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Success Controlling MedflyBy Kim Kaplan
July 21, 2005
A lure developed by the Agricultural Research Service and Suterra LLC is helping keep the Mediterranean fruit fly out of the United States and giving other countries an effective, environmentally friendly control method.
The product, BioLure 3-Component Fruit Fly Lure, is being commercialized by Suterra, which holds the exclusive license for the ARS patents. Suterra is marketing it in the United States, Spain, South Africa, Guatemala, Mexico and Peru.
Growers and government agencies in these countries are now using BioLure 3-Component Fruit Fly Lure as an effective tool to monitor for medfly presence as well as reducing medfly populations by mass trapping.
Each year in Spain, for example, mass trapping is done on thousands of acres of citrus groves using BioLure 3-Component Fruit Fly Lure. Spanish plant health agencies have found mass-trapping with the lure is as effective as insecticides at controlling medfly damage without leaving pesticide residues on fruit or harming beneficial insects.
BioLure 3-Component Fruit Fly Lure is a combination of three compounds: ammonium acetate, putrescine and trimethylamine. It captures more medflies and fewer nontarget insects, is more consistent between batches and lasts four to eight times as long, compared to protein baits. Also, BioLure 3-Component Fruit Fly Lure attracts mostly female medflies, which is important in areas where sterile male insect control programs are being used.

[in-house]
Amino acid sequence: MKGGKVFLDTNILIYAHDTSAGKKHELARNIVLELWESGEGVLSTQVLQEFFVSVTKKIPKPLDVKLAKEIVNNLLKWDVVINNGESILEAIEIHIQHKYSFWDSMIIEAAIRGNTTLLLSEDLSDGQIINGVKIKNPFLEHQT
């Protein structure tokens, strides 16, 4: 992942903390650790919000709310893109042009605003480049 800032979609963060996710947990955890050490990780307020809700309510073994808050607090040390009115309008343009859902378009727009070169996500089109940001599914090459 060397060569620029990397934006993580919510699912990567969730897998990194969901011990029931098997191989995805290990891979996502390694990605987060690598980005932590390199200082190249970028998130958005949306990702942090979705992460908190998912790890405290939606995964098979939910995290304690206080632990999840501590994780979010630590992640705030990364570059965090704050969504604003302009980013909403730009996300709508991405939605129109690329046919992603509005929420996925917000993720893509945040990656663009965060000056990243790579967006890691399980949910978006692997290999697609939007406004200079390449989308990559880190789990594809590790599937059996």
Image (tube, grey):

Chemist Robert R. Heath and entomologist Nancy D. Epsky, at the ARS Subtropical Horticultural Research Laboratory in Miami, Fla., are experts in semiochemicalschemical signals for insect communication. Heath and Epsky worked with scientists at Suterra, who are experts at long-term controlled release of volatile chemicals, to develop the new lure.
The medfly is one of the most destructive agricultural insects in the world. The United States is eager to see medfly populations reduced in other countries because if they become established here, it could cost as much as $1.5 billion dollars a year due to export sanctions, lost markets, treatment costs and crop losses.
ARS is the U.S. Department of Agriculture's chief scientific research agency.